Be careful about being culture bound: believing that your culture & value system are the best, the one & only. Learn various facts about other cultures. You can learn about other cultures in various ways: reading, attending cultural fairs/festivals, & interacting with individuals from other cultures.

16 Recognize & Practice Cross-Cultural Interaction
3 problem areas to overcome include: The tendency not to listen carefully or pay attention to what others are saying. Speaking or addressing others in ways that alienate them or make them feel uncomfortable. Using or falling back on inappropriate stereotypes to communicate with people from other cultures.

17 Recognize & Practice Cross-Cultural Interaction
To be an effective supervisor in a culturally diverse workforce, you must be able to: Recognize the different ways that people communicate. Be sensitive to your own employees’ cultural values. Adapt accordingly.

18 Some Examples of Cultural Differences
Body Language Personal Space Eye Contact Facial Expressions Speech Being Direct in Conversation

19 The Value of Cultural Diversity
Supervisors & managers who are not able to handle diversity in the workforce are a liability. Poor supervision can cost companies dearly in the following ways: Discrimination lawsuits Litigation time & money Legal fees /settlements High employee turnover rates Negative community image

20 Leading Cultural Diversity in the Workplace
Recognize, respect, & capitalize on the different backgrounds in our society in terms of race, ethnicity, gender, & sexual orientation. Diversity, or sensitivity, training is now commonplace in the corporate world.

21 Establishing a Diversity & Inclusion Program
Develop a mission statement that includes diversity & inclusion. Develop goals for diversity & inclusion for each key operating area. Develop objectives/strategies to show how the goals will be met. Develop measurements to monitor progress towards the goals. Monitor progress toward goal accomplishment.

22 Leading Diversity Issues Positively
Get to know your employees. Treat them equitably but not uniformly. Watch for signs of harassment. Foster a work climate of mutual respect. Encourage & recognize diversity.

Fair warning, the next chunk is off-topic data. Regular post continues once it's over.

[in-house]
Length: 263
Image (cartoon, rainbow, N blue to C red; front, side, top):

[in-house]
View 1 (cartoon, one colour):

23 Gender Issues Make sure you do not show favoritism.
Show the same amount of respect for both genders. Know the companies sexual harassment policies, & take misconduct seriously.

24 Cultural Issues Learn some of the language used by your employees (how to address them, common phrases, avoid slang). Give meaningful & culture appropriate rewards. If employees have trouble with English be careful when speaking to them: Check to make sure they understand you. Speaking a little slower might help- but do not speak too slow or too loud, this does not! Be cautious about interpretations & the use of gestures.

25 Religious Issues Be consistent in allowing time off for religious reasons.

26 Age Issues Treat both young & older employees with respect.
Make them equally a part of the team. Younger workers want to have fun while doing worthwhile work, listen to them & let them participate. Don’t have higher expectations of older adults than their peers. Don’t patronize.

27 Physically &/or Mentally Challenged Issues
A differently-abled employee is a whole person with likes, dislikes, hobbies, etc. & encourage co-workers to treat them as such. Speak directly to the differently-abled employee. The hiring of handicapped workers has a positive effect on the economy. Disabled workers are good for the community & for employers. The hospitality industry has a responsibility to provide job opportunities for all. Employees with disabilities are just as productive as other employees. Even with great cross-cultural interaction skills, you will occasionally do something that offends an employee. When this happens, do the commonsense thing: Apologize sincerely! © 2010 John Wiley & Sons, Inc